|Snowbound on the Island by Kate Allan|
It seems to be me that self-publishing's challenge to traditional publishing models are more complicated than a direct challenge. Traditionally published authors are not flocking wholeheartedly to self-publishing, while many writers who start by self-publishing still aspire to traditional publishing deals.
My own experience puts me very much in the camp of the former. I'm a traditionally published author whose first novel was out in 2005. I write in the romance genre, one of the genres doing especially well out of the ebook revolution. A few of my early books I was fortunate enough to have the ebook rights which I gave to a specialist genre ebook publisher in the US in 2007 and so I've had a while to watch their continuing steady sales with interest. I've been published now with four different traditional publishers, all independents so the money's not been great, and critically my main publisher I'm writing for now still does not do ebooks so I'm free to sell those rights elsewhere.
Last autumn I got a spark of an idea for a novella. I knew it wouldn't be a long story and indeed it was perfect at only 10,000 words. The length meant it wasn't suitable for any of my existing publishers so I thought I would have a go at self-publishing it on Kindle, figuring the experience would be educational and I had little to lose.
My expectations of the sales being modest I didn't want to spend money on the cover and so I did that myself. I was also fortunate in being an experienced author and editor myself and the story being so short that it didn't need an external edit. So I only had it professionally proof-read before publishing.
I did all the same things to promote it as I have for my other books, using social networking. Having a short blog tour and making sure it was reviewed by some popular sites. Conscious of no publisher behind me I probably did more than I would for one of my traditionally published books. And I was pleased with the sales in the first month – over 100 units. But once I'd stopped actively promoting it the sales have fallen back to the steady trickle. Some of this I do think because the story premise has a seasonal appeal – it's called Snowbound on the Island and so it's the sort of romance readers want to read on the sofa in front of the fire the winter, not on the beach. But I haven't got the time to be flogging Twitter 24/7/365, besides which I wouldn't want to bore my Twitter followers to death going on and on about my latest book as I see some self-published authors do. Most importantly I need my author time for writing my next book – for a traditional publisher.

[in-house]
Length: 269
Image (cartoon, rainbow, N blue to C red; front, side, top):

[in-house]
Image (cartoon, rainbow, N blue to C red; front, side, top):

Another recent survey, this time by Australian publisher and authors services business Taleist, of over 1,000 self-published authors found that less than 10% made enough to live exclusively off their earnings and that 75% of self-publishing revenue was earned by a small group of “top earners”.
Unless you're lucky enough (or skilful enough?) to break into that top tier, then being traditionally published may still be the better option for professional authors looking to try and at least make a modest living from their writing.
I'll be pleased when I get my cheque from Amazon for Snowbound on the Island but the effort involved in self-publishing and the relatively modest sales I've seen can't match what I can get from my traditional publisher who print my book, get it into Tescos, let me keep the ebook rights and also sell on other rights, for example to large print and audio. I'm delighted I can self-publish if I want to – especially being daft enough to write a story unsuitable for my existing publishers - but I can't replace the income I receive from traditional publishers with that from self-publishing, and that income is what allows me to continue to write.
I have a couple of backlist titles I may self-publish, when I can find the time, but my frontlist is staying with traditional publishers for the foreseeable future.
Kate Allan tweets at @kate_allan